Letter From the Editor
Art by Kim Salac
There is an urban legend that, as a boy, George Washington damaged his father’s prized cherry tree with a hatchet. Upset, George’s father confronted him directly. As the story goes, young George replied, “I cannot tell a lie.” He confessed to chopping the tree.
Each time I hear that story, I picture the cherry tree in the front yard of my childhood home. Situated in the corner of a busy garden, the tree grew with me through the years. And, as they fell, its dainty petals graced the grass I grew up in. To me, the cherry tree represents comfort. So, I could never help but ask myself: what compelled little George to so carelessly wield his weapon?
I imagine the hatchet’s blade swinging backward, reflecting rosy speckles below as it glimmers in mid-March sun. Just as the cherry tree’s flesh braces for impact, a chill of iron slices into its fibrous trunk. Wounded, the bark lets out an exasperated sigh. Its cellulose cowers.
I wonder if George meant to harm the cherry tree. Perhaps he got carried away, mistaking the hungry cry of cardinal fledglings for an audience, egging him on. I’m partial to the promise of spring — its gift of warmth and its whispered “Welcome back” that bends the stems of unfurling tulips. But this doesn’t mean the harsh cold of winter is so quickly forgotten.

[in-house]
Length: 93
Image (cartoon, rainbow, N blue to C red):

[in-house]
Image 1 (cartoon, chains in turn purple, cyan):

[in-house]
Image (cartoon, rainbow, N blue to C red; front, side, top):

For this publication of Iris, our team explores the emotions that bridge the cusp of winter into spring. This time around, in its tales of everything from rejoice to resentment, Iris asserts that these months of oncoming warmth may be host to more than daffodils and delight. Our writers remind us, in fact, that sometimes the season births thorned honey-locust and anguish, too.
Chloe Lyda shares, I Write in the Open, Writing to All and None. Waiting impatiently for summer sun, she reflects on the transitions love endures — its beginnings sweet as peaches, its endings smudged in clay. Sadie Randall authors what shall i do, in which she questions the complex nature of familial nostalgia and, in her decision to “smile at the rain”, assigns new meaning to April showers. Then, in Poems that Hurt, Lexi Toufas shows that stark pain can indeed coexist alongside flip-flops and bird calls.
With her Iris writing debut, Kim Salac sends us Adrift. This screenplay, set in outer space, demonstrates a cycle beyond earthly seasons — that of birth and sacrifice. In Savoring My Cosmic Latte, Pasha McGuigan leans into uncertainty, and notices as joy mixes with sadness to form the color of the universe: “A warm, boring, in the middle beige”. Also finding peace in slightly-dulled sweetness, Juliana Callen explores The Effect of Valentine’s Day on Shortbread Cookies. With the methodology of a scientist, she finds of love and baking: “It is a messy procedure, but flawless”. Finally, Lulu Jastaniah brings us Signs of Life — through the coldest moments in life and winter, we can grasp tightly to a “terracotta truth” of hope.
I’d like to think little George was young and naive, oblivious to the cherry tree’s charm. Unaware of its beauty and strength, it's possible he simply made a mistake. But the more I reconsider, the more I realize hatchet-wielding George may have been onto something after all. In the wake of winter’s trials — as branches are weighed down by snow and people are weighed down by worry — catharsis presents itself in unexpected ways. A canvas for pent-up frustrations, I think the approaching season invites us to swing the hatchet. Break the bark. But leave the trunk standing, confess to the deed, and watch as the scarred cherry tree heals with time.